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Tonight at 10 PM is the "Secret History of the Credit C


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Tonight on PBS Front-line will present the "Secret History of the Credit Card" at 10 PM EST. It's scheduled to air one night only this week.


"The skinny on the credit card business will be available to you tonight when PBS airs the "Secret History of the Credit Card" on FRONTLINE. The 60-minute commercial-free documentary reveals how banks developed the credit card business into an industry with $30 billion in annual profits."


"The average American family today carries eight credit cards. Credit card debt and personal bankruptcies are now at an all time high. With no legal limit on the amount of interest or fees that can be charged, credit cards have become the most profitable sector of the American banking industry: more than $30 billion in profits last year alone. FRONTLINE and The New York Times examine how the credit card industry became so pervasive, so lucrative, and so politically powerful."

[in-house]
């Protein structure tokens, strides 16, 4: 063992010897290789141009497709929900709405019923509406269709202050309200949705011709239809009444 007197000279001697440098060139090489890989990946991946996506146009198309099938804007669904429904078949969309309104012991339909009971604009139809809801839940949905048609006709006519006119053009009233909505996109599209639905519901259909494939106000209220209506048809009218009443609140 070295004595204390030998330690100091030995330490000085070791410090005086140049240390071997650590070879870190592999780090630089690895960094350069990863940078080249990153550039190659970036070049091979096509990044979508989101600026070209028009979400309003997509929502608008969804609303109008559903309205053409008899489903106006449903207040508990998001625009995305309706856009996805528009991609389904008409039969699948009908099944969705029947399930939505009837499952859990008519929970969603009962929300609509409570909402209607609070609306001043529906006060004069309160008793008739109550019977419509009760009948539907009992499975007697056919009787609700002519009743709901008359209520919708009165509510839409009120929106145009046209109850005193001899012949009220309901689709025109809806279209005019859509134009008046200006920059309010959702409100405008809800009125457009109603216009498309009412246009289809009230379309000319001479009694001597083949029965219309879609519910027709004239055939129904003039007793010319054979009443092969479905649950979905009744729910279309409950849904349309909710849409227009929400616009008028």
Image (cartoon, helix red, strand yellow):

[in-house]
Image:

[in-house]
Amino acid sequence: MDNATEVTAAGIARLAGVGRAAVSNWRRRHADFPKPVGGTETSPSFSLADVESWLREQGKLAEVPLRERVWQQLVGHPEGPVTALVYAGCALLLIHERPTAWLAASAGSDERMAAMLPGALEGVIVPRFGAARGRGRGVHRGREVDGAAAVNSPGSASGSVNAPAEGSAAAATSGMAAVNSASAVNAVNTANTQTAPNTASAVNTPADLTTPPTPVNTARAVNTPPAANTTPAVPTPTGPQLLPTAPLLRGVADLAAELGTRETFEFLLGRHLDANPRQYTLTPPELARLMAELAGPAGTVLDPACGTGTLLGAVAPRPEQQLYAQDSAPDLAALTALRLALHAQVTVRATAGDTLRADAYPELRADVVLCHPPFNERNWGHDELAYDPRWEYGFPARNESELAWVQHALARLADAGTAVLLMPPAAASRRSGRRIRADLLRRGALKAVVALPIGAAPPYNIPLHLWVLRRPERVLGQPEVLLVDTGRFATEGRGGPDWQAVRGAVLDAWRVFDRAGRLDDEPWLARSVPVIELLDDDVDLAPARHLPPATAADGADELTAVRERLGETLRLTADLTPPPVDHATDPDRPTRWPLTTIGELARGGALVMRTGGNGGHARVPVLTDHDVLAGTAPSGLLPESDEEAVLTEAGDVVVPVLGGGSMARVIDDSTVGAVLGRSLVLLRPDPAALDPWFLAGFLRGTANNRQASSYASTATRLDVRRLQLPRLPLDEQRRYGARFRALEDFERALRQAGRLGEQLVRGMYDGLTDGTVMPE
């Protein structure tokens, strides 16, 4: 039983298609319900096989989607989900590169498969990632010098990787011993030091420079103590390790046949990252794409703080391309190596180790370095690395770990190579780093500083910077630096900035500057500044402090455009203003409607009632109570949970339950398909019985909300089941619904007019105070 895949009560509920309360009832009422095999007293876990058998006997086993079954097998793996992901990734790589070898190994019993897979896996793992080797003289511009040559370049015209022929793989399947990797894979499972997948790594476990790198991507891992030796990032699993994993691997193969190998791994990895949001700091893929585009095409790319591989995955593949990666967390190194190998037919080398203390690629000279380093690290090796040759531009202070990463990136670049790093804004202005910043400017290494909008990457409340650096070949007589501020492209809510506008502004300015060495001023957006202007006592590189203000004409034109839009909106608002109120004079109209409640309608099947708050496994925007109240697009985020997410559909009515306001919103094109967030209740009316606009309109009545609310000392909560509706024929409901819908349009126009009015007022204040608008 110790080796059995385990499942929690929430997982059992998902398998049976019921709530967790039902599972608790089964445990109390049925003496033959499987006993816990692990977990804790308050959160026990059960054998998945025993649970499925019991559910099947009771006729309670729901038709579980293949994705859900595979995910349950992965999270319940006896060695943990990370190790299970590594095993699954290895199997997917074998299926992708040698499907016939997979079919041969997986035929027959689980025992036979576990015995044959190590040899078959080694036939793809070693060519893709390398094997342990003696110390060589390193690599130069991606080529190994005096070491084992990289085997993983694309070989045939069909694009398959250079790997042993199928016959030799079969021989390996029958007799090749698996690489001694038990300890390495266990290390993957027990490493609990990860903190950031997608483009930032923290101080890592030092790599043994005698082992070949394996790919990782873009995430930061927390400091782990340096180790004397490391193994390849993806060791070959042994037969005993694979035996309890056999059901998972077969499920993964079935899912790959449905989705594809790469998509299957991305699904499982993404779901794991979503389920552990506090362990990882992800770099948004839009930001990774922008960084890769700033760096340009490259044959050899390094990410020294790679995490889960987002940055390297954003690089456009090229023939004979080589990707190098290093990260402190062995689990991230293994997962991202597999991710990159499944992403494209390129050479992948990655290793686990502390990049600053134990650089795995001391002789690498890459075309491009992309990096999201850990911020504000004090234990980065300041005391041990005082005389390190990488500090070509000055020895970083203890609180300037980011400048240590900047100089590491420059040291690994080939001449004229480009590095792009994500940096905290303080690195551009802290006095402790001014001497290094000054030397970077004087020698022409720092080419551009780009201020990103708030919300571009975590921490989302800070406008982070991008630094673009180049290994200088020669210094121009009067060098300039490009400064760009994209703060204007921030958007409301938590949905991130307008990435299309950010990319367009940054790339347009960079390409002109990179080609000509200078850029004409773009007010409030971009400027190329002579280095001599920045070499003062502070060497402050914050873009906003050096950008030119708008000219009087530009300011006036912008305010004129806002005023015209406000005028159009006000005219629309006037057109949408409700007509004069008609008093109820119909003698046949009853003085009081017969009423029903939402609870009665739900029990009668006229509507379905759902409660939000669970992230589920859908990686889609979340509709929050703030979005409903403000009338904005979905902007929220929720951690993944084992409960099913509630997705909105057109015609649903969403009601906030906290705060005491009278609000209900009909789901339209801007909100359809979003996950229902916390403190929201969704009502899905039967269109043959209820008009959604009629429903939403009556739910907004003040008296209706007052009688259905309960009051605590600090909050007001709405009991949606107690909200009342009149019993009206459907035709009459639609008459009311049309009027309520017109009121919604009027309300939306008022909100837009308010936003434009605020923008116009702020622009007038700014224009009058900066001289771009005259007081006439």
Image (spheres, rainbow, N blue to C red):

"Ed Yingling, executive vice president of the American Bankers Association tells FRONTLINE that "revolvers are the sweet spot" of the banking industry. This "sweet spot" continues to grow as the average credit card debt among American households has more than doubled over the past decade. Today, the average card-carrying American family owes a record $7,500 on their credit cards. This debt has helped generate record profits for the credit card industry–nearly $30 billion just last year.

Some experts say the profitability of credit cards really began twenty-five years ago, when the banking industry successfully eliminated a critical restriction: the limit on the interest rate a lender can charge a borrower. Deregulation, coupled with a revolution in technology that enables the almost real-time tracking of personal financial information and the emergence of nationwide banking, has facilitated the widening availability of credit cards across the economic spectrum. But for some, the cost of credit is often far greater than it appears.

According to Harvard Law Professor Elizabeth Warren, the credit card companies are misleading consumers and making up their own rules. "These guys have figured out the best way to compete is to put a smiley face in your commercials, a low introductory rate, and hire a team of MBAs to lay traps in the fine print," Warren tells FRONTLINE.

Much of the industry's profit, critics say, is derived from what they call deceptive new tactics used to add to the bottom line. Spelled out in a credit card contract–the terms and conditions of which can be changed at any time for any reason with fifteen days' notice–these tactics are often triggered when consumers hit an unanticipated bump that makes them particularly vulnerable."


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